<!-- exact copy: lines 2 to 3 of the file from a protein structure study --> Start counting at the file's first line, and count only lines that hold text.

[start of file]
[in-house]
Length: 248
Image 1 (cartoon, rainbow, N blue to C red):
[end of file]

Length: 248
Image 1 (cartoon, rainbow, N blue to C red):